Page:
Urban Nature

Dublin Land Exchange Raises Concern Over Burrowing Owls

November 1, 2013

The western burrowing owl (Athene cunicularia hypugaea) doesn’t ask for much. Commonly found alongside concrete culverts and medians, the burrowing owl requires only a few basic ingredients to survive Californian urban settings: open, well-drained soil; short, sparse vegetation; and underground burrows.

But Bay Area biologists say even those simple needs are threatened by a new land exchange between the city of Dublin and the U.S. Army. Under the exchange, 189 acres of open grassland now part of the Camp Parks Reserve Forces Training Area will be converted into six major development projects, including new military facilities, residential homes, and commercial properties. The developments threaten one of the few remaining colonies of burrowing owls in Alameda County.

“Trying to preserve the burrowing owl has been the most frustrating aspect of my career as a conservationist to date,” said Craig Breon, past director of Santa Clara Valley Audubon Society, in an email. “It wouldn’t take too much to save these guys, and we’re just not willing to do it.”

In 2003, the Center for Biological Diversity and its allies were denied a petition to protect the California population of burrowing owls under the California Endangered Species Act. The petition showed that breeding owls had lost an estimated 60 percent of their former range in California from the 1980s to the early 1990s, but the decision by the state Department of Fish & Game (DFG) stated that owl populations in the Imperial and San Joaquin Valley were healthy.

Jeff Miller, conservation advocate at the Center of Biological Diversity and one of the petition’s authors, said the decision assumes that there will be repopulation of declining or extirpated populations by Imperial and San Joaquin Valley populations — but no source populations have been found to exist.

“Once lost,” Miller said, “forever lost.”

Breon, who also helped author the petition, said opposition to listing the owl as endangered is a result of the owls preferring valley grasslands that are highly desirable habitat for development.

Sandra Menzel, a wildlife biologist with resource consulting group Albion Environmental, said that in the Bay Area, populations of burrowing owls were and still are rapidly declining.

To try and help the remaining owls, biologists have studied a number of development mitigation strategies. The most likely strategy for Camp Parks, transplanting or relocating owls to another habitat, has one of the worst outcomes.

In one recent paper, Lynne Trulio, a professor of environmental studies at San José State University, followed 27 relocations in Northern California and found that 63 percent of the owls disappeared, 26 percent flew back to their original site, and 7 percent bred successfully in the new habitat; the rest were subject to predation or unsuccessful breeding.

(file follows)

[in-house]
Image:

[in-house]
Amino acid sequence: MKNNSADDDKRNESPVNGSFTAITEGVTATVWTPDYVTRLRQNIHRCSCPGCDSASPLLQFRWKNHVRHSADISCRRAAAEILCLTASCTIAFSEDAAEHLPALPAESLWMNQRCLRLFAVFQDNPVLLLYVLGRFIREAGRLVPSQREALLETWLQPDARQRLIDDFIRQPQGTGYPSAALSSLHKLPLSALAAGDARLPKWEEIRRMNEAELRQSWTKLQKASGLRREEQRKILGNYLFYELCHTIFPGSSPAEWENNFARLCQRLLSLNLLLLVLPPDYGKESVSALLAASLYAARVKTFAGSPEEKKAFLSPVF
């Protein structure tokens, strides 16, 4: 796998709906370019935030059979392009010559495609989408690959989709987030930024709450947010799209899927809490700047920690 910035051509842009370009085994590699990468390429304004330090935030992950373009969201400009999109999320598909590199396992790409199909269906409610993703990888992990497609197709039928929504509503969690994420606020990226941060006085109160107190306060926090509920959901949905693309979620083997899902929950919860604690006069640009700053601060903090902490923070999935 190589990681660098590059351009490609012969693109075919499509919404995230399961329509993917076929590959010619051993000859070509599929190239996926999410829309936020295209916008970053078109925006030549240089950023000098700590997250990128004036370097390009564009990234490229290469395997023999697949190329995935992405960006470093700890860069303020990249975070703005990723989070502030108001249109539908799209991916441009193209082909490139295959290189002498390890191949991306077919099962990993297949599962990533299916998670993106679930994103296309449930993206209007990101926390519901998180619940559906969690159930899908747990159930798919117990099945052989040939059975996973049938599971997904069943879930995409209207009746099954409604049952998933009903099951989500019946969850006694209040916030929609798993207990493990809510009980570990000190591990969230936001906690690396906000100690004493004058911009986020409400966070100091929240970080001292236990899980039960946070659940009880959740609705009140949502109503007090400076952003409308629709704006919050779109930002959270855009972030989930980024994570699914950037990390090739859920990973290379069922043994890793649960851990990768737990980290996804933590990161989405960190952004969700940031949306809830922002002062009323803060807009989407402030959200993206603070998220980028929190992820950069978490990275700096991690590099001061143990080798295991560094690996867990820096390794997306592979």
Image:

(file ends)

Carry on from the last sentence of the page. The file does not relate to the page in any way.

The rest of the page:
In the Camp Parks area, SunCal, one of the nation’s largest land developers, is planning six major development projects within the 189 acres, including an elementary school and 2,000-home neighborhood.

SunCal representative Joe Aguirre told the news site Around Dublin that SunCal plans to construct habitat away from the project to direct the owls to viable habitat. A draft environmental impact report released in June does not specify the habitat or location.

Dublin Mayor Tim Sbranti said development will not only provide a connection between the eastern and western parts of Dublin, but will include a 30-acre city park. Sbranti said open-space corridors within the city park will allow long-term preservation by preventing future indeterminate development.

“The development at Camp Parks is a win-win for everyone – the Army gets new facilities in exchange for their land, the city will become connected rather than divided by the base, and the owls will be provided trails linking an open space corridor [in the city park] to the adjacent grasslands,” Sbranti said.

Menzel said managing undisturbed habitat adjacent to the project provides the best hope for burrowing owls at Camp Parks. The “Burrowing Owl Survey Protocol and Mitigation Guidelines” states that if off-site mitigation is necessary, at least 9.75 acres of suitable burrowing owl habitat per pair or single bird should be preserved.

An adult female burrowing owl brings a caterpillar to owlets. (Photo by: Kevin Cole)
The burrowing owl’s namesake, the greek goddess Athena, symbolized courage,wisdom, and justice.  Rather than riding on the shoulders of giants, the mother owl fiercely hunts caterpillars and other arthropods in a diminishing land. (Photo by: Kevin Cole)

In California, burrowing owls feed mostly on crickets and meadow voles, and require the presence of the California ground squirrel (Otospermophilus beecheyi). Despite their name, burrowing owls do not dig burrows but benefit from the efforts and abandoned burrows of California ground squirrels.

The larger the area of habitat, the easier the owl lives. Burrowing owls are generalist eaters, so higher biodiversity means more options. The owls have an ingenious method of passive prey capture: After lining the entrance of their burrows with large mammal dung, the owls sit and wait for dung beetles to arrive then snatch up the pilfering insects as they try to roll away the “treasure.”

“They are a hoot to observe,” Menzel said. “It is an absolute privilege to have them in the neighborhood and any local extinction is an immense loss.”

Emily Moskal is a Bay Nature editorial intern.


About the Author

Emily Moskal is a science and environment writer that has written extensively about conservation, wildlife, outdoor recreation and climate change technology. She is pursuing a M.S. in science communication at the University of California, Santa Cruz.

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